Overkill, Assured Destruction, and the Search for Nuclear Alternatives: U.S. Nuclear Forces During the Cold War

 

Overkill, Assured Destruction, and the Search for Nuclear Alternatives: U.S. Nuclear Forces During the Cold War

National Security Archive Posts Key Records on Strategic Nuclear Planning, Presidential Control, and New Weapons  

SAC Command Post, circa 1963

Washington, D.C., May 22, 2020 – Seventy-five years after the bombings of Hiroshima and Nagasaki marked the start of the atomic era, questions about the value, danger, and morality of nuclear weapons continue to present a huge challenge for politicians, military strategists, and ordinary citizens.

As that freighted anniversary approaches, the National Security Archive’s Nuclear Vault has gathered a selection of primary sources that could be considered key to understanding the arc of U.S. nuclear policy during the crucial first four decades. The aim is to encourage broad discussion of the many facets of nuclear history grounded in direct evidence.

No doubt many readers will have their own ideas for what to include.  We welcome nominations and at a future date will publish an assortment of additional materials in an annex to this posting.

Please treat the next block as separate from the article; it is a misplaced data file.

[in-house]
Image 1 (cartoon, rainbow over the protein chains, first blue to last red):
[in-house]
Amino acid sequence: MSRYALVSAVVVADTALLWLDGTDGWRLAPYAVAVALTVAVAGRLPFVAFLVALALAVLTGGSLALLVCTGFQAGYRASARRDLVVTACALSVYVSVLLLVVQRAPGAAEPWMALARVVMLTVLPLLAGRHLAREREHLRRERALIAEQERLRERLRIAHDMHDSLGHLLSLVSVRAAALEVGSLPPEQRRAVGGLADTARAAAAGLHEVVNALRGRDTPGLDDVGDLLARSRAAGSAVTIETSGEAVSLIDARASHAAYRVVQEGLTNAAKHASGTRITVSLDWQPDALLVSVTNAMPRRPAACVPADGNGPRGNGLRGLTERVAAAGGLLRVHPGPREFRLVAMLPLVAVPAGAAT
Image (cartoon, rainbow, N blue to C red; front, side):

THE NATIONAL SECURITY ARCHIVE is an independent non-governmental research institute and library located at The George Washington University in Washington, D.C. The Archive collects and publishes declassified documents acquired through the Freedom of Information Act (FOIA). A tax-exempt public charity, the Archive receives no U.S. government funding; its budget is supported by publication royalties and donations from foundations and individuals.

PRIVACY NOTICE The National Security Archive does not and will never share the names or e-mail addresses of its subscribers with any other organization. Once a year, we will write you and ask for your financial support. We may also ask you for your ideas for Freedom of Information requests, documentation projects, or other issues that the Archive should take on. We would welcome your input, and any information you care to share with us about your special interests. But we do not sell or rent any information about subscribers to any other party.

 

National Security Archive
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